The success of many top gaming titles can be attributed to their immersive stories and unforgettable characters. But sometimes, the player’s immersion is broken, and the most common reason for this is: bad localization. It might start with a line of dialogue that just seems weird, followed by a subtitle that says one thing while the corresponding voice-over is completely different… suddenly, the player is disenchanted.
Without proper resources, most games would probably suffer from these kinds of avoidable issues. It would be extremely difficult to write up a colossal script for an RPG or any text-heavy game without a single typo or oversight. It’s also important for the script writers not to perform the final proofreading check on their game, since it’s a known phenomenon that an external editor would catch mistakes more easily.
Enter Localization Quality Assurance (LQA): a team of testers dedicated to finding all linguistic-related issues in a game, including cultural inconsistencies, unnatural expressions, visual implementation issues with the text… the list goes on.
Since LQA consists of more than just proofreading line by line, there are several things we must look out for to ensure the highest quality of language for the end product. Below are some of the most common linguistic issues found throughout the testing process:
Fixing simple “linguistic bugs” like spelling and punctuation issues is relatively straightforward, but we don’t find them through the game’s text files; we progress through the game so that we experience the text in the same way that actual players will. This practice helps us make more informed decisions, since we understand who is speaking, what event took place before this text appeared, how the line looks in the UI or dialogue box, and so on.
Aside from individual mistakes, testers also need to agree upon how to apply grammar rules consistently. Take these topics which are commonly debated: should there be a comma before “and”? And should punctuation be placed inside or outside of quotation marks? To standardize corrections, an LQA team usually agrees on one main dictionary to use for the target language, such as Merriam-Webster for American English. But of course, a dictionary’s suggestions aren’t always right for many games that favor more casual language, so we are in constant discussion with other testers about these issues. The more opinions we gather on a contested topic, the better the final correction. Thus, the importance of teamwork in our day-to-day cannot be overstated.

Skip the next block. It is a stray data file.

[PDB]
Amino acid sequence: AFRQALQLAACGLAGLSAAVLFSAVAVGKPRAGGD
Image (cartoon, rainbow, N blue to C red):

At times game developers also provide style guides to writers, translators, and the QA team, which can be extremely useful. They might establish rules for how ellipses should be formatted (often used to indicate pauses in dialogue), or how grunts and other exclamations should be written (is “aaaaaahhhhhh” an acceptable spelling, or should there be fewer a’s or h’s?). There might also be suggestions on how to handle made-up words and slang, which can be tricky at times. For instance, if a game uses a made-up word with a spelling that’s very close to a real word, we have to ask if players will understand this is intentional, or if they’ll think there’s been a typo.
While an increasing number of games are being released to international audiences, some are intended for more local regions, such as a game made for Brazilian Portuguese and Latin American Spanish players versus European Portuguese and Castilian Spanish. It’s important for LQA to look out for differences in spelling and the types of expressions used in the different varieties of any language.
Testers also need to correct any awkward, unnatural expressions in dialogue. These are often the result of a word-for-word translation or a misjudged use of slang, which can happen especially if the translators do not have sufficient contextual information. Having native speakers on the LQA team ensures that expressions sound as natural as possible in the target language. And even then, testers can come across slang that they’ve never heard before, but it turns out the slang is in common usage among a group of people that might correspond to the game’s audience. In these instances, the infamous Urban Dictionary is sometimes used (with caution) along with other forums to find out how people actually talk in certain social groups.